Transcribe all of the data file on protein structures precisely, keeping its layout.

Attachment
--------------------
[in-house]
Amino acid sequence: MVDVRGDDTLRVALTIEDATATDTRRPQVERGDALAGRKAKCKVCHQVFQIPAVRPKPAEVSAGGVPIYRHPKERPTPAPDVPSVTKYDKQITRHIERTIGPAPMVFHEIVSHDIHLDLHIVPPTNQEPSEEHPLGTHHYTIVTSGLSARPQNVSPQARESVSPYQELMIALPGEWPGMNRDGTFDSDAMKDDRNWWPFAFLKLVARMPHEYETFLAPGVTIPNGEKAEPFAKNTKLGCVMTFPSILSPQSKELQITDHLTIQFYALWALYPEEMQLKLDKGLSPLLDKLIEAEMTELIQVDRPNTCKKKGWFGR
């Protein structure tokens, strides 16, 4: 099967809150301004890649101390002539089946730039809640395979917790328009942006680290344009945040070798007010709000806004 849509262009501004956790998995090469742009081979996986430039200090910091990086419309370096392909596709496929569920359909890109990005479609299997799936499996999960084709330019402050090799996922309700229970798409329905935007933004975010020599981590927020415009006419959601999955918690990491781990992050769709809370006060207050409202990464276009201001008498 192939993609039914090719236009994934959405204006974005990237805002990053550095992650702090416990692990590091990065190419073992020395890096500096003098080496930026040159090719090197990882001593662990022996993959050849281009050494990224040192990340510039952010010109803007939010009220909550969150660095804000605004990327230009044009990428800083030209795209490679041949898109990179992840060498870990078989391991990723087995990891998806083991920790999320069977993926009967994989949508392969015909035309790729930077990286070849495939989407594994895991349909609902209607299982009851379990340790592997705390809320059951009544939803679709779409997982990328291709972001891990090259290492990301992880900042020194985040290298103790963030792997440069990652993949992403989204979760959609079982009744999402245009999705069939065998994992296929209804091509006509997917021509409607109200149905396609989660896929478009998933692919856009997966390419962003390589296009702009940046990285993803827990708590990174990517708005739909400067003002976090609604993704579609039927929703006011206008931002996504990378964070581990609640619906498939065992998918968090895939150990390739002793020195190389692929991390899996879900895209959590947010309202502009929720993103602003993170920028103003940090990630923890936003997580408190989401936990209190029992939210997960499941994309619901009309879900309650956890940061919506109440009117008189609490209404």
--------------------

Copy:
[in-house]
Amino acid sequence: MVDVRGDDTLRVALTIEDATATDTRRPQVERGDALAGRKAKCKVCHQVFQIPAVRPKPAEVSAGGVPIYRHPKERPTPAPDVPSVTKYDKQITRHIERTIGPAPMVFHEIVSHDIHLDLHIVPPTNQEPSEEHPLGTHHYTIVTSGLSARPQNVSPQARESVSPYQELMIALPGEWPGMNRDGTFDSDAMKDDRNWWPFAFLKLVARMPHEYETFLAPGVTIPNGEKAEPFAKNTKLGCVMTFPSILSPQSKELQITDHLTIQFYALWALYPEEMQLKLDKGLSPLLDKLIEAEMTELIQVDRPNTCKKKGWFGR
């Protein structure tokens, strides 16, 4: 099967809150301004890649101390002539089946730039809640395979917790328009942006680290344009945040070798007010709000806004 849509262009501004956790998995090469742009081979996986430039200090910091990086419309370096392909596709496929569920359909890109990005479609299997799936499996999960084709330019402050090799996922309700229970798409329905935007933004975010020599981590927020415009006419959601999955918690990491781990992050769709809370006060207050409202990464276009201001008498 192939993609039914090719236009994934959405204006974005990237805002990053550095992650702090416990692990590091990065190419073992020395890096500096003098080496930026040159090719090197990882001593662990022996993959050849281009050494990224040192990340510039952010010109803007939010009220909550969150660095804000605004990327230009044009990428800083030209795209490679041949898109990179992840060498870990078989391991990723087995990891998806083991920790999320069977993926009967994989949508392969015909035309790729930077990286070849495939989407594994895991349909609902209607299982009851379990340790592997705390809320059951009544939803679709779409997982990328291709972001891990090259290492990301992880900042020194985040290298103790963030792997440069990652993949992403989204979760959609079982009744999402245009999705069939065998994992296929209804091509006509997917021509409607109200149905396609989660896929478009998933692919856009997966390419962003390589296009702009940046990285993803827990708590990174990517708005739909400067003002976090609604993704579609039927929703006011206008931002996504990378964070581990609640619906498939065992998918968090895939150990390739002793020195190389692929991390899996879900895209959590947010309202502009929720993103602003993170920028103003940090990630923890936003997580408190989401936990209190029992939210997960499941994309619901009309879900309650956890940061919506109440009117008189609490209404």